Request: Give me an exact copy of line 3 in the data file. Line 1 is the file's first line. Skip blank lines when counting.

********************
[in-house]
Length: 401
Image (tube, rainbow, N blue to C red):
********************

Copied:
Image (tube, rainbow, N blue to C red):